Traditional security practices defended the network, but in the cloud, identities are a new access point. Threat actors can gather identity information and then because the cloud authentication services are online, they can use those identities to gain access. In this case they have not had to find a vulnerability in a technology or in a configuration of a service, to gain access to the organisation’s environment. They will then use their usual techniques, after this initial access to find other systems to move to or try to elevate their permissions. If they are able to elevate their permissions they could create resources, such as servers and use them to support their activities in the environment.

Typically organisations leverage third parties for important capabilities such as backups, monitoring, etc and will also have partners for B2B functions. Often these third parties are provided elevated access to the organisation’s environment. In this case, if the third party is breached, the threat actors will have access to the organisation’s environment too, via the third party’s environment. So cloud identity is a vector of supply chain security. Supply chain security has typically only been understood and thus protected in the software context.

Cloud management and PaaS APIs also require careful configuration to ensure there are no security vulnerabilities introduced to the environment.

Defence at the cloud layer

Vault Cloud is engineered to address many of these cloud security concerns out of the box. We recognise that sensitive data needs to be protected, while still enabling organisations to adopt cloud. Cloud provides numerous benefits to organisations and therefore benefits us, the end consumer. Vault Cloud is government grade, having implemented the Australian Cyber Security Centre (ACSC) Information Security Manual (ISM) controls and the implementation of these controls have been Infosec Registered Assessors Program (IRAP) accredited.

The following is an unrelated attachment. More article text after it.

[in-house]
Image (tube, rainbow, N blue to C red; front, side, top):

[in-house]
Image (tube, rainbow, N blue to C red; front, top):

Vault Cloud allows organisations to take control of their online endpoints (APIs) both the application and management endpoints. By design a Vault Cloud account does not allow any online endpoints. Even if someone in the organisation provisions an internet endpoint, it is only exposed once the necessary additional controls have been met. It is clear from what we see in the media that organisations are unable to control all their cloud endpoints. A big factor in this problem is that they don’t know where all their endpoints are and so are unable to secure them.

Vault Cloud provides state of the art secure internet gateways (SIG). These services allow Vault Cloud tenants to monitor their online endpoints, should they choose to have online endpoints. Vault Cloud SIG can be leveraged for web filtering, intrusion detection (IDS), intrusion prevention (IPS), Malware detection, data loss prevention (DLP), IP blocking, etc. These capabilities are backed by 24/7 Security and Network Operations Centers (SOC & NOC). The Vault personnel are subject matter experts, have government security clearance and have continuous security training.

Vault Cloud is a community cloud. Trust is important and is not fully achievable if literally anyone, including the threat actors, can leverage the cloud services your environment is built on. At Vault Cloud all new accounts are vetted for suitability. Vault is also sovereign, so entirely Australian owned and operated. This provides absolute data sovereignty guarantees.

We can see that these fundamental changes to how Vault engineered and operate its cloud services allow organisations to break the threat breach pattern that threat actors rely on. Online endpoints are absolutely controlled and known. They are then further protected by Vault SIG to control and detect what the endpoints are doing. Our accreditations ensure our Cloud services have best in class, government grade security practices to remove vulnerabilities. It is important to mention  that security is always a shared responsibility, Vault Cloud’s secure by design services provide protection at many layers, but not all.